No. 14/18278 Pte. William Frederick McFadzean, late R. Ir. Rif. For most conspicuous bravery. While in a concentration trench and opening a box of bombs for distribution prior to an attack, the box slipped down into the trench, which was crowded with men, and two of the safety pins fell out. Private McFadzean, instantly realising the danger to his comrades, with heroic courage threw himself on the top of the Bombs. The bombs exploded blowing him to pieces, but only one other man was injured. He well knew his danger, being himself a bomber, but without a moment's hesitation he gave his life for his comrades.
Young Billy has no known grave and is remembered on The Thiepval Memorial. Nigel has a deep interest in the history here, the legacy of his Great Uncle and continues his late father’s work in researching Billy who was a young man who had hopes, dreams and aspirations, just like many other young lads who came from Northern Ireland, never to return home.
Nigel speaks about Billy McFadzean in front of Thiepval Wood. Photo courtesy of Baxters Battlefield Tours.
Also with he group was Mark Scott, author of "Among The Kings" an untold story of The Unknown Warrior, and "The Man Who Shot The Great War" - the story of George Hackney the Belfast lad who took his camera to war. The group visited some of the places important to these 2 stories. Such a wonderful mix of people on a unique tour. We spent the evenings with the group chatting and exchanging stories and comment. It was a wonderful few days and Nigel McFadzean touched us with a thoughtful gift of poetry and wise words. So, in his honour we created a new dessert. The Nigel. Our equivalent of a Dessert Gourmand! It went down rather well.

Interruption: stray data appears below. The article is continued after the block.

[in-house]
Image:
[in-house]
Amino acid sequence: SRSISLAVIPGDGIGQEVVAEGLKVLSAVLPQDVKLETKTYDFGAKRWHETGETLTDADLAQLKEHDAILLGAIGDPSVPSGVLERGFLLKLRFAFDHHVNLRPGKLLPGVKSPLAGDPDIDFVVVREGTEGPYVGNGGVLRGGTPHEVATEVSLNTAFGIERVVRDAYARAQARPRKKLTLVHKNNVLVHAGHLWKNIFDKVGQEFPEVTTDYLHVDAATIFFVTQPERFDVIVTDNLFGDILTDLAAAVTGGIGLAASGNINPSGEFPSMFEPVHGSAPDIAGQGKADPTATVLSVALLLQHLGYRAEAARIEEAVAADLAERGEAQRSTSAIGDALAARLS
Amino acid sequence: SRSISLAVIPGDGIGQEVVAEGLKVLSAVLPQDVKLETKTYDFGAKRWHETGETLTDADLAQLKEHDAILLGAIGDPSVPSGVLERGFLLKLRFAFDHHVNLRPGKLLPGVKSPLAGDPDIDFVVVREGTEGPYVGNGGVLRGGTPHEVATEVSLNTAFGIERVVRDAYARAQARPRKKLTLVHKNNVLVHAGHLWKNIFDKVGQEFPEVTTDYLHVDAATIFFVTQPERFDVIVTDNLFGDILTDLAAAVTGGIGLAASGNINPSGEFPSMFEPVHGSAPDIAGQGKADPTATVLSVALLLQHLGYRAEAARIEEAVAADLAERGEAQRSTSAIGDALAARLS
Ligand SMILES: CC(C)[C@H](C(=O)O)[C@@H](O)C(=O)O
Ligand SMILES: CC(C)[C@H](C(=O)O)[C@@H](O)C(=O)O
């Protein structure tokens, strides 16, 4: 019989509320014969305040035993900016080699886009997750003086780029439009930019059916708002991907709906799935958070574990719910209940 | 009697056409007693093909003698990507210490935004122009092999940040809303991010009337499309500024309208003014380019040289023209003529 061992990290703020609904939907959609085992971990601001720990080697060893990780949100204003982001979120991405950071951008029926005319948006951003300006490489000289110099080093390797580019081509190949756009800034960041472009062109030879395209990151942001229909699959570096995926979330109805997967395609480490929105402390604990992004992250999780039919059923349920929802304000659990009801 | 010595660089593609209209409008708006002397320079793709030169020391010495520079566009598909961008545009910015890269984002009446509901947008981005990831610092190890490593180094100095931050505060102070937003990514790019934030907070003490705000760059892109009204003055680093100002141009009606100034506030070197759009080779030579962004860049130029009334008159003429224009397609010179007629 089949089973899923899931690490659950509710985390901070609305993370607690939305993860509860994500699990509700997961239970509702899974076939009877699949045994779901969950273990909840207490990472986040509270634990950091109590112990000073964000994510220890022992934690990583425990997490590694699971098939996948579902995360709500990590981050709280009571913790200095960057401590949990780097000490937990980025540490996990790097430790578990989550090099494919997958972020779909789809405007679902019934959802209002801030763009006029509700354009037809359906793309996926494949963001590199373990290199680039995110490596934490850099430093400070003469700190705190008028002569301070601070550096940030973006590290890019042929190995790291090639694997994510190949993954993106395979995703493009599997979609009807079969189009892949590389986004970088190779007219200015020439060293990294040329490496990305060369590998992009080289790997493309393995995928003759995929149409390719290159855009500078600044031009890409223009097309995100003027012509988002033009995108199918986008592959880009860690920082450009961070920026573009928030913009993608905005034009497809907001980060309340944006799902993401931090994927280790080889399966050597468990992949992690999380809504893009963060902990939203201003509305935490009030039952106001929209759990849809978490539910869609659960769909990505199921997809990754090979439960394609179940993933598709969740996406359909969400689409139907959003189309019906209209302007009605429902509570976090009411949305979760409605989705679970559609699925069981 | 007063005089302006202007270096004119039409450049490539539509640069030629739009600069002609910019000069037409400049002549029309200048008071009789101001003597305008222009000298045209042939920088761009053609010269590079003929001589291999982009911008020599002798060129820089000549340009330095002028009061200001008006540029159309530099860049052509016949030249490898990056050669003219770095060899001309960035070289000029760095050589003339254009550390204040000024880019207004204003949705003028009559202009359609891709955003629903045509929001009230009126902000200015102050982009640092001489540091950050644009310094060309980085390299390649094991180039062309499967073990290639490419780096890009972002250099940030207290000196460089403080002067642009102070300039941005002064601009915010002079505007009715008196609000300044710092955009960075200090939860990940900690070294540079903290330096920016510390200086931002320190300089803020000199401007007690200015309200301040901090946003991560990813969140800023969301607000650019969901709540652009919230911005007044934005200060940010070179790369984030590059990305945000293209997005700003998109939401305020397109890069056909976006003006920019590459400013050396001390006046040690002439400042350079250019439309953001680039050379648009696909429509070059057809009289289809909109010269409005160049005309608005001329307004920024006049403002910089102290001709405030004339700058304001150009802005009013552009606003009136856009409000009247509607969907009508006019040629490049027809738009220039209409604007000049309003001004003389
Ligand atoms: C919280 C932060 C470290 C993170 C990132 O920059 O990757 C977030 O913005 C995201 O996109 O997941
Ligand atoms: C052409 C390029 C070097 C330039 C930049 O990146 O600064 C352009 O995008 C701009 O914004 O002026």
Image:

Dessert time for the VC Tour Gang.
Also glad to see back on The Somme at the end of the month 4 old friends Tim, Andy, Paul and Nick who are drawn to the battlefields by the stories of the men who were here and rest here still. A sunset walk to Ovillers Cemetery was a highlight of their trip – and we vowed to look after the lads until they return.
So you can see it has been a vibrant, interesting month of so many stories collected round our table with old friendships renewed in person and new friendships made. We love and are honoured to do what we do. Thank you to all our guests for making the journey. To all those affected by War today, to the lads who made it home and to those that stay close by to us, we salute you.
Work to Thiepval is nearing completion, but no formal end date yet. We said goodbye to our stonemasons this month as they have finished their stonework part of the renovation. We will miss them and thank them for their extraordinary work over many months in all conditions, and for being such wonderful guests. A pleasure to feed and look after. Every stonemason, as they have told us, has a dream to work on the Notre Dame, Paris renovation. We are so pleased to hear that Monument have been awarded a contract for some of the stonework and this is what Alberto and his team are moving on to. We wish them well. Thiepval has benefited from their special craftsmanship to be returned to glory.
Work to the rear terrace at Thiepval
Alberto at work. Thank you for all you have done.